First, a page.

Assume you have a list of numbers, 1 2 3 4 5 6.

Associative here means you can take your operation and apply it to any subgroup, then apply it to the result of those and get the same answer:

```
(1) + (2 + 3) + (4 + 5 + 6)
==
(1 + 2) + (3 + 4) + (5) + (6)
==
...
```

Think of the parenthesis here as the execution of a combiner.

Commutative means that the order doesn't matter, so:

```
1 + 2 + 3 + 4 + 5 + 6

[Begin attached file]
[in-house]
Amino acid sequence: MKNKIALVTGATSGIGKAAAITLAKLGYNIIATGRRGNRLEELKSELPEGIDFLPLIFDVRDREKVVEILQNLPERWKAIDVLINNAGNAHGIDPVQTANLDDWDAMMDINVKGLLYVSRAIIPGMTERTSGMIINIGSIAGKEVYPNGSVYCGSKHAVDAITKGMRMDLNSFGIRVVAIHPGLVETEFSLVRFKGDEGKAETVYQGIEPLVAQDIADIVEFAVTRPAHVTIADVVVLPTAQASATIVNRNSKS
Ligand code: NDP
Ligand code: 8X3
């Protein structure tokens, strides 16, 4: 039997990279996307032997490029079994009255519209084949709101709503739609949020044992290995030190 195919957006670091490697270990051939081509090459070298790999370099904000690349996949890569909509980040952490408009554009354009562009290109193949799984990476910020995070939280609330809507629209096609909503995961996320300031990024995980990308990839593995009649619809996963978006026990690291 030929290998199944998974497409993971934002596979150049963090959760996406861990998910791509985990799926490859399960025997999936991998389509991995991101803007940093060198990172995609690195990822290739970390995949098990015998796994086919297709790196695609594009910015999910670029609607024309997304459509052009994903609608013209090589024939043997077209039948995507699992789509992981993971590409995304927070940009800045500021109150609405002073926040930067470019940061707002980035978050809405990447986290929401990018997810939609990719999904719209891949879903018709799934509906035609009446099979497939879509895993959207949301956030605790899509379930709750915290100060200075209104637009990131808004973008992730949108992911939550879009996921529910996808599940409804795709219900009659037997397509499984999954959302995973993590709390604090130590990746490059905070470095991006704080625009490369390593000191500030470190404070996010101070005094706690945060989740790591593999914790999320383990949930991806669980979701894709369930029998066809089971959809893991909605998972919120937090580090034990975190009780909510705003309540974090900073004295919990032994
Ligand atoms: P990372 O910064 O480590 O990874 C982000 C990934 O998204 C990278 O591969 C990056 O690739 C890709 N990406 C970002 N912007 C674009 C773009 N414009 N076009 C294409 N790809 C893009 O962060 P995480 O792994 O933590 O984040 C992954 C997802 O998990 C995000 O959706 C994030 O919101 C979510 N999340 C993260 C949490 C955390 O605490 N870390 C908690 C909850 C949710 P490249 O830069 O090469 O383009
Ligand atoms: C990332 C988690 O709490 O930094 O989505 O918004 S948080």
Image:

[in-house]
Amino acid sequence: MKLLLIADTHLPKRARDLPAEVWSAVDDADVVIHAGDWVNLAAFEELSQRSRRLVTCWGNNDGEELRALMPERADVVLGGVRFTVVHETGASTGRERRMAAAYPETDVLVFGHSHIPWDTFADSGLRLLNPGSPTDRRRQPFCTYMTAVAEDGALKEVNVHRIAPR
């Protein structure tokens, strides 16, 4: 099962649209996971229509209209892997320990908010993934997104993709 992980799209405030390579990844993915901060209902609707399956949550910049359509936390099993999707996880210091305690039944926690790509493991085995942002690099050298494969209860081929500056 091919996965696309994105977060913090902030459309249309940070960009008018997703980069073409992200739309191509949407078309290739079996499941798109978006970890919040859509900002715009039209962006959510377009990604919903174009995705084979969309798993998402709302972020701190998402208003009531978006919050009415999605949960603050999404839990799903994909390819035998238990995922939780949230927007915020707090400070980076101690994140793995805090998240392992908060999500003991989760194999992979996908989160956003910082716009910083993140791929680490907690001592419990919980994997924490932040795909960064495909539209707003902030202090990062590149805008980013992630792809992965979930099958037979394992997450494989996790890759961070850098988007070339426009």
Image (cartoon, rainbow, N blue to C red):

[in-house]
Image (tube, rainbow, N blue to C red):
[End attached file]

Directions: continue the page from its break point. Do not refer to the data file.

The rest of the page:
==
2 + 4 + 6 + 1 + 2 + 3
==
...
```

For example, addition, fits this property, as seen before. "Maximum" fits this property above as well, because the max of maxs is the max. max(a,b) == max(b,a).

Median is an example that doesn't work: the median of medians is not the true median.

Don't forget another important property of a combiner: the input types for the key/value and the output types of the key/value need to be the same. For example, you can't take in a string:int and return a string:float.

Often times, the reducer might output some sort of string instead of numerical value, which may prevent you from just plugging in your reducer as the combiner.